A new study from New York University Grossman School of Medicine found high levels of air pollution in subway stations belonging to some of the country’s largest transit systems.
The NYU researchers sought to assess the air quality in subway stations in major Northeastern cities. Conducted before the COVID-19 pandemic threatened the lungs of transit workers and commuters, the study looked at 71 stations across 12 transit lines in four cities — New York City, Boston, Washington, D.C., and Philadelphia.
They studied the composition and concentrations of minuscule, lung-damaging particulate pollutants known as PM2.5. According to the U.S. Environmental Protection Agency, one PM2.5 particle is at least 30 times smaller in diameter than a strand of human hair. This makes it easy to inhale deeply into the lungs and can lead to serious health problems such as heart attacks, aggravated asthma, and decreased lung function.
The NYU researchers monitored air quality at six underground stations along the Market-Frankford Line and eight stations along the Broad Street Line in 2015, during morning and evening rush hours.
They found the SEPTA lines had smaller average real-time concentrations of the pollutant than other transit lines, measuring the concentration of PM2.5 at 39.2 micrograms per cubic meter. The safety standard for a 24-hour period set by the EPA is 35 per cubic meter.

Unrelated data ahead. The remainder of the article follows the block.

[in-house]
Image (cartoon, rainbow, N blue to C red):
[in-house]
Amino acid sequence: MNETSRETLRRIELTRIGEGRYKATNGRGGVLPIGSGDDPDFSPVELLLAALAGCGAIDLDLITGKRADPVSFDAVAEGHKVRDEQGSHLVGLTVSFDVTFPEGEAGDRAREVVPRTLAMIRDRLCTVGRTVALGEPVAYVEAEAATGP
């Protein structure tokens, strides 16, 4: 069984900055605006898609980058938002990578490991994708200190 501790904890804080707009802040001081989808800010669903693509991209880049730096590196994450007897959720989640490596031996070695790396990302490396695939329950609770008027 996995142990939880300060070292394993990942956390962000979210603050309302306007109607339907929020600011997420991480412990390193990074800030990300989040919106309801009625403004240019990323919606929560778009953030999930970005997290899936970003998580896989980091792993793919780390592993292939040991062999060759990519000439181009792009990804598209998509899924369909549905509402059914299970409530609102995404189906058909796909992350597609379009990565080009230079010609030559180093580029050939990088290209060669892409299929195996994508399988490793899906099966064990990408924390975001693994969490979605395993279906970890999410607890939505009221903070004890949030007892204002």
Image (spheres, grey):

The PATH service, which serves New York City and part of northern New Jersey, had concentrations 10 times as high as Philadelphia at 391.9 per cubic meter. New York City Metropolitan Transportation Authority followed with 250.5 per cubic meter. The pollution levels found exceed recommended exposures, falling into an unhealthy range, according to the EPA.
Further analysis of air samples taken in stations revealed iron and organic carbon, a chemical produced by the incomplete breakdown of fossil fuels or from decaying plants and animals. Philadelphia was not included in this analysis, however.
Although iron is largely nontoxic, some forms of organic carbon have been linked to increased risk of asthma, lung cancer, and heart disease, the study authors wrote.
Terry Gordon, a professor in the Department of Environmental Medicine at NYU Grossman and a senior study author, said trying to eliminate the pollution completely is farfetched. Still, there is action agencies can take.
“Once you find out what the sources are, see if there’s something you can do,” he said. The professor suggested using maintenance trains powered by batteries instead of diesel, improving ventilation systems, or using different materials on their materials.
“You’re not going to get rid of the rails or the wheels or the electrification system, et cetera, but there are things they can do,” said Gordon.
Gordon said that further research is needed to assess potentially higher risks for transit workers who spend far longer periods of time in the stations than riders.
The study, published in the journal “Environmental Health Perspectives,” comes at a time when SEPTA is working to bring riders back to their systems after the COVID-19 pandemic led many riders to avoid the crowds of buses and trains. Gordon said the timing is coincidental and not intentional.
The authority announced in December a partnership with Drexel University aimed at improving efforts to stop the spread of COVID-19 on public transportation and kicked off a campaign last month that encourages riders to wear masks. They also delayed fare increases until at least July.
SEPTA spokesperson Andrew Busch said agency officials will review the research. “We’ll certainly take a close look at this study … to see if there’s things that we can learn,” he said.
Busch highlighted the authority’s ventilation improvement efforts and said SEPTA is always seeking technologies that will “improve the health and safety of our riders and employees.”